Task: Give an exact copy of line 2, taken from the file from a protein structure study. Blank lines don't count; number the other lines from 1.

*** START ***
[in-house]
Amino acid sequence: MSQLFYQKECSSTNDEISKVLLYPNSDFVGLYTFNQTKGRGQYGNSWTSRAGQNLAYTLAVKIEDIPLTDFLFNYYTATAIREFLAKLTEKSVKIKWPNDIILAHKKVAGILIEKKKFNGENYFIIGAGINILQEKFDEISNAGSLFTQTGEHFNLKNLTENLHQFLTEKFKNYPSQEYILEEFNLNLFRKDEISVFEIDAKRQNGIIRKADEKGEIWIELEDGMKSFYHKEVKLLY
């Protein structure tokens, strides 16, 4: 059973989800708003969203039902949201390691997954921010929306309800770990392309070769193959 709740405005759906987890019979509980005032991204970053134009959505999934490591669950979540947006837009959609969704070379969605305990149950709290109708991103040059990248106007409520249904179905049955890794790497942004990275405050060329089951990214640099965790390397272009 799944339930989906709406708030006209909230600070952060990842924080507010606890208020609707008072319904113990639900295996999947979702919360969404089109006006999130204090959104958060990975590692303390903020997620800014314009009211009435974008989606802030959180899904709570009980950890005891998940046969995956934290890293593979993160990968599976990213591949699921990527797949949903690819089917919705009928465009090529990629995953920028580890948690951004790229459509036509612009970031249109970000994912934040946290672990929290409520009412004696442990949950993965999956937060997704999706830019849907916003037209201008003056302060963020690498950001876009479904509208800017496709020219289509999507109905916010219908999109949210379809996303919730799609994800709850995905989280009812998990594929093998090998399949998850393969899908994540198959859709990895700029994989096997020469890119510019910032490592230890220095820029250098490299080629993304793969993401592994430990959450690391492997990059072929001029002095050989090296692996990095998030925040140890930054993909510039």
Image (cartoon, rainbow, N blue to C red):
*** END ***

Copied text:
Amino acid sequence: MSQLFYQKECSSTNDEISKVLLYPNSDFVGLYTFNQTKGRGQYGNSWTSRAGQNLAYTLAVKIEDIPLTDFLFNYYTATAIREFLAKLTEKSVKIKWPNDIILAHKKVAGILIEKKKFNGENYFIIGAGINILQEKFDEISNAGSLFTQTGEHFNLKNLTENLHQFLTEKFKNYPSQEYILEEFNLNLFRKDEISVFEIDAKRQNGIIRKADEKGEIWIELEDGMKSFYHKEVKLLY